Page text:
CONVERSION: And those things from which we turn

Taken and adapted from, “An Alarm to Unconverted Sinners”
Written by Joseph Alleine (1634-1668), An English Nonconformist Pastor

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The objects from which we turn in conversion are, sin, Satan, the world, and our own righteousness.

We turn from sin. When a man is converted, he is forever at enmity with sin; yes, with all sin, but most of all with his own sins, and especially with his bosom sin. Sin is now the object of his indignation. His sins swell his sorrows. It is sin that pierces him and wounds him; he feels it like a thorn in his side, like a prick in his eyes: he groans and struggles under it, and not formally, but feelingly cries out, “0 wretched man!” He is not impatient of any burden so much as of his sin. If God should give him his choice, he would choose any affliction so he might be rid of sin; he feels it like the cutting gravel in his shoes, pricking and paining him as he goes.

Before conversion, he had light thoughts of sin; he cherished it in his bosom, as Uriah his lamb; he nourished it up, and it grew up together with him; it did eat, as it were, of his own meat, and drank of his own cup, and lay in his bosom, and was to him as a daughter. But when God opens his eyes by conversion, he throws it away with abhorrence, as a man would a loathsome toad, which in the dark he had hugged fast in his bosom, and thought it had been some pretty and harmless bird. When a man is savingly changed, he is deeply convinced not only of the danger but the defilement of sin; and O, how earnest is he with God to be purified! He loathes himself for his sins. He runs to Christ, and casts himself into the fountain set open for sin and for uncleanness. If he fall, he has no rest till he flees to the word, and washes in the infinite fountain, laboring to cleanse himself from all filthiness both of flesh and spirit.

The sound convert is heartily engaged against sin; he struggles with it, he wars against it; he is too often foiled, but he will never yield the cause, nor lay down the weapons, while he has breath in his body; he will make no peace; he will give no quarter. He can forgive his other enemies; he can pity them, and pray for them; but here he is implacable, here he is set upon extermination; he hunts as it were for the precious life; his eye shall not pity, his hand shall not spare, though it be a right hand or a right eye. Be it a gainful sin, most delightful to his nature or the support of his esteem with worldly friends, yet he will rather throw his gain down the kennel, see his credit fail, or the flower of pleasure wither in his hand, than he will allow himself in any known way of sin. He will grant no indulgence, he will give no toleration; he draws upon sin wherever he meets it, and frowns upon it with this unwelcome salute, “Have I found you, 0 mine enemy?”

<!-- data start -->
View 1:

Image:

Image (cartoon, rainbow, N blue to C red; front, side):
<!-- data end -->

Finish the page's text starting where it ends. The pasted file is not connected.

Have you pondered these things in thy heart? Hast you searched the book within you, to see if these things be so? If not, read it again, and make thy conscience speak, whether or not it be thus with you.

Hast you crucified thy flesh with its affections and lusts; and not only confessed, but forsaken thy sins, all sin in thy fervent desires, and the ordinary practice of every deliberate and willful sin in thy life? If not, you art yet unconverted. Does not conscience fly in your face as you read, and tell you that you livest in a way of lying for thy advantage; that you used deceit in your calling; that there is some way of secret wantonness that you live in? Why then, do not deceive thyself; you are in the gall of bitterness and the bond of iniquity.

Does not your unbridled tongue, your indulgence of appetite, your wicked company, your neglect of prayer, of reading and hearing the word, now witness against you, and say, ” We are your works, and we will follow you;” or, if I have not hit you right, does not the monitor within tell you, there is such or such a way that you know to be evil, that yet for some carnal respect you do tolerate yourself in? If this be your case, you are to this day unregenerate, and must be changed or condemned.

We turn from Satan.

Conversion binds the strong man, spoils his armor, casts out his goods, turns men from the power of Satan unto God. Before, the devil could no sooner hold up his finger to the sinner to call him to his wicked company, sinful games, and filthy delights, but presently he followed, like an ox to the slaughter, and a fool to the correction of the stocks; as the bird that hastens to the prey, and knows not that it is for his life. No sooner could Satan bid him lie, but presently he had it on his tongue. No sooner could Satan offer a wanton object, but he was stung with lust. If the devil says, “Away with these family duties,” be sure they shall be rarely enough performed in his house. If the devil says, “Away with this strictness, this preciseness,” he will keep far enough from it: if he tells him, “There is no need of these closet-duties,” he will go from day-to-day and scarcely perform them. But since he is converted he serves another Master, and takes quite another course: he goes and comes at Christ’s bidding. Satan may sometimes catch his foot in a trap, but he will no longer be a willing captive; he watches against the snares and baits of Satan, and studies to be acquainted with his devices; he is very suspicious of his plots, and is very jealous in what comes across him, lest Satan should have some design upon him; he ” wrestles against principalities and powers;” he entertains the messenger of Satan as men do the messenger of death; he keeps his eye upon his enemy, and watches in his duties, lest Satan should get an advantage.